Everywhere we look there are disasters, tragedies, trauma, misery, suffering, and loss. But what happens when adversity becomes close and personal? How does the Lord want us to respond when we come face to face with trials? And what is He trying to teach us through our difficulties?
In 2 Corinthians 11:23-28, the apostle Paul described the various forms of adversity he experienced in his service for Christ: imprisonments, beatings, shipwrecks, exposure, hunger, thirst, and other dangers. Why would the Lord allow Paul, the man who introduced the Roman world to Jesus Christ, to suffer like this and be killed?
From a human perspective, Paul’s suffering may seem unfair, but God used his hardships and pain to accomplish His will. During his imprisonment in Rome, Paul wrote Ephesians, Philippians, and Colossians. And his letter to the Philippians was filled with joy because he understood that through adversity God accomplishes His divine purposes and works for our ultimate good.
Here’s what we know about hardships:
Adversity is universal. It’s everywhere and can affect any area of our lives.
It’s impartial. Because we live in a fallen world, trouble comes to all of us—even believers, no matter what our financial, social, or educational status.
Adversity is painful. The pain can be physical, emotional, or relational, but whatever the source, it hurts.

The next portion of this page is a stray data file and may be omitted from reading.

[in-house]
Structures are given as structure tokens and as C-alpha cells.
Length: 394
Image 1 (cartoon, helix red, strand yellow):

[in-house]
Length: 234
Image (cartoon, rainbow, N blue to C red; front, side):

Sometimes adversity comes suddenly. Life could be going on as normal when an accident or a negative report from the doctor leaves us unexpectedly devastated.
Times of adversity may be prolonged. Sometimes the emotional or physical pain continues for years.
It may be intense. We may hurt so badly that even those who try to bring comfort feel the pain.
Adversity is often beyond our control. We may feel helpless and have no answer for why God would allow us to go through it.
Are you going through a tough time? Take heart. The Lord is sovereign and He controls all adversity in our lives. That’s why it’s important to remember how much He loves us. If He allows us to go through pain, suffering, or loss, then He has something good He wants to accomplish in us.
When the apostle Paul understood that his “thorn in the flesh” was designed to keep him humble and dependent on Christ, he was able to say, “Most gladly, therefore, I will rather boast about my weaknesses, so that the power of Christ may dwell in me” (2 Cor. 12:9). So ask the Lord to help you through your difficulties and trust Him to bring good from them, for He’s capable of all things.
This article was originally published on February 19, 2016, and is adapted from the Sermon Notes for Dr. Stanley’s message “An Intimate Look at Adversity,” which airs this weekend on TV.